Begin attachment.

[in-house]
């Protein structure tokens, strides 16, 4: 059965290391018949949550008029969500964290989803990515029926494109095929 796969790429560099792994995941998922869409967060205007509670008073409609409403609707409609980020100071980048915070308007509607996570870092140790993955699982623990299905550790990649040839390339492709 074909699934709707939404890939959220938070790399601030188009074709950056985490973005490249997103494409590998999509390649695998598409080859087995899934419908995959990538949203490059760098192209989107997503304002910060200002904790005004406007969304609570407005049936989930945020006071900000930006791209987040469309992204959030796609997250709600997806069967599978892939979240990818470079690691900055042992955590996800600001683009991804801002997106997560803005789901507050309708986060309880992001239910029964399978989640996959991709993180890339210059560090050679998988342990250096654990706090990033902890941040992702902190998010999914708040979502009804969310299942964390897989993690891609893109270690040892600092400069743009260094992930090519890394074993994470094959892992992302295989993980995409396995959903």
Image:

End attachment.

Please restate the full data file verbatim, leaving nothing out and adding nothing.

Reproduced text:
[in-house]
């Protein structure tokens, strides 16, 4: 059965290391018949949550008029969500964290989803990515029926494109095929 796969790429560099792994995941998922869409967060205007509670008073409609409403609707409609980020100071980048915070308007509607996570870092140790993955699982623990299905550790990649040839390339492709 074909699934709707939404890939959220938070790399601030188009074709950056985490973005490249997103494409590998999509390649695998598409080859087995899934419908995959990538949203490059760098192209989107997503304002910060200002904790005004406007969304609570407005049936989930945020006071900000930006791209987040469309992204959030796609997250709600997806069967599978892939979240990818470079690691900055042992955590996800600001683009991804801002997106997560803005789901507050309708986060309880992001239910029964399978989640996959991709993180890339210059560090050679998988342990250096654990706090990033902890941040992702902190998010999914708040979502009804969310299942964390897989993690891609893109270690040892600092400069743009260094992930090519890394074993994470094959892992992302295989993980995409396995959903």
Image: